Seeing the world through different lenses

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Two photographers who have never met were given the same assignment. They were told to record what they saw for one week, from May 12 to 18, 2003. Rod Hanna and Jessica Maynard were two of 25,000 professional and amateur photographers nationwide who did the same thing at the same time for that week. The project resulted in 51 books -- one for each state and one for all of America.

Hanna and Maynard's work was published in "Colorado 24/7," a record of one week in May from San Luis to Steamboat.

Both photographers learned of the project through the Internet. The Web site invited three categories of photographers to join the project. Some photographers were hired by the America 24/7 project with specific assignments, others was invited as "professional stringers" to submit 50 photos, and amateur photographers were invited to submit a limited number of photos. All photos were digital and uploaded to the project's server by the artists via the Internet.

Neither Hanna nor Maynard were paid for their work. They did it for fun and for the experience of being part of a nationwide cooperative effort.

Their submissions show how differently two people can see the world and how those differing perspectives play out on one side of the lens.

Hanna took a photojournalist's approach to the project by "covering" the events that happened in Routt County from May 12 to 18.

For him, the project was a return to his early days as a newspaper photographer with such publications as the Topeka Capital-Journal.

During the week, Hanna photographed the Soap Box Derby, cattle branding at the Stanko Ranch and lambing at the Step Rock Ranch near Oak Creek.

The Step Rock Ranch is owned by Dan and Doris Knott and managed by their son, Bernard Knott. After enjoying a long lunch with the Knott family, Hanna captured a classic "American Gothic"-style photograph of them standing in their doorway. The way they stand, their home in the background, the signs of weather and work on their faces tell an entire life story.

"They are such wonderful people," Hanna said. "And I loved that doorway with all their stuff around. To one side there is a shepherd's crook hanging by the door. I saw all of that and asked them to come out for the photo."

The "Colorado 24/7" book is available at Off the Beaten Path Bookstore, 56 Seventh St. 144 pages. DK Publishing. $24.95. For more information on the America 24/7 photography project, visit www.america24-7.com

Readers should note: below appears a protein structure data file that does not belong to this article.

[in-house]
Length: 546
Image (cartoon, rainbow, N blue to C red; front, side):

Hanna moved to Steamboat almost 30 years ago to take a job with the marketing department of Steamboat Ski and Resort Corp. During his 25 years with the ski resort, he continued taking photos, including working a "weekend warrior" position as a photographer for the Denver Broncos.

Since retiring as the senior vice president of marketing, Hanna has focused on fine art photography, showing his work regularly at galleries in Chicago, Kansas, Scottsdale, Ariz.; Reno, Nev; Aspen and Steamboat's Mad Creek Gallery.

Hanna submitted 50 photos to the America 24/7 project. Several were chosen for the "Colorado 24/7" book, including a full-page photo of two boys at the Stanko Ranch.

"They were the kids of someone who was there helping out," Hanna said. "Everyone had a job and (the boys), once the calf was released, were supposed to steer the calves into the right area with their ski poles." In Hanna's photo, one of the boys has fallen asleep on the job.

"It was so cute," he said.

By contrast, the photos that Maynard submitted to the project looked deep into the eyes of the homeless on the streets of Boulder and Denver.

The publishers used a photograph Maynard took of a black man named Moses. The frame only holds his eyes, intense even behind sunglasses, and the words of his cardboard sign, "God Bless" written in black marker.

Maynard met Moses near the Pearl Street Mall in Boulder.

"He was just hanging out, and as people go by, he would say, 'Jesus loves you,'" Maynard said. "I was on that shoot for a week, and he became a friend of mine. I would sit and watch people's reaction to his blessing. The kids were the most receptive. He had a change cup, but it was more than that. It's what made him feel complete to be there."

A lot of people who walked by Moses looked the other way when he gave his blessing or "walked really fast or wide out," Maynard said. "The typical way people try to avoid human connection."

Maynard focused on Moses' message in her photograph.

"Everything else seemed insignificant," she said.

Maynard chose to go to Boulder and Denver instead of staying in Steamboat so she could completely immerse herself in the project. She stayed in a cheap motel and went out on the street every day with food and water for the homeless.

At first, she hung out with homeless children on the 16th Street Mall in Denver, but she left for Denver after a couple of days as the things she learned started to wear her out.

"I needed a break from seeing 13-year-olds on heroine and watching girls turn tricks," she said. So she headed to Boulder. "I got emotionally hit pretty hard there, too."

She'd seen many coffee-table books similar to the proposed America 24/7 series and the photographs that she remembered from them were the ones that were a little hard to look at, she said.

"I could have stayed here, but I didn't want to. I wanted to see what was hard and capture what was hard. I wanted to be opened up, and that's what happened to me."

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